Art

Pace’s Christiana Ine-Kimba Boyle on the Gallery’s Long-Term Commitment to NFTs

30th September 2021

Pace Gallery recently combined a release of NFTs by Lucas Samaras with an announcement of a partnership with Palm NFT Studios. Now, with multiple NFT releases under its belt, Pace is going all in with a bespoke NFT platform and the appointment of Christiana Ine-Kimba Boyle as online sales director. Boyle responded to questions about Pace’s entry into NFT Land as well as its long-term commitment to the space.

 

As part of its Convergent Evolutions: In Focus show, Pace Gallery released two NFTs on September 15th by Lucas Samaras, an artist well known for his trailblazing work from the late 1950s to today. Much of this work has included exploring new technologies from his Polaroid manipulations of the late 60s and 70s to his growing body of digital art. The two NFTs, XYZ 0879 (Chinoiserie) and XYZ 0862 (Chinoiserie), shown above, were available for purchase on KnownOrigin, where each sold for 3.3 ETH.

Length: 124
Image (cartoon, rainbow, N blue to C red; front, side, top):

Pace Gallery’s release of the Samaras NFTs is not their first excursion into NFT Land. Previous NFT drops included Urs Fischer via MakersPlace and John Gerrard via Foundation.

 

In a September 15th announcement, Pace revealed that its next major move in this direction is a partnership with Palm NFT Studio to create a bespoke NFT platform that will debut this fall. Palm also discussed this partnership and the planned platform in a blog post.

 

Christiana Ine-Kimba Boyle on Pace and NFTs

 

I interviewed Pace’s first online sales director, the recently appointed Christiana Ine-Kimba Boyle, who was profiled in ARTnews in April. Boyle is known for such accomplishments as curating Black Femme: Sovereign of WAP and the Virtual Realm at New York’s CANADA gallery. She also began coding during the pandemic and helped create an online sales platform for CANADA. Though relatively early in her career, she combines elements that make her ideal for her new position at Pace in New York.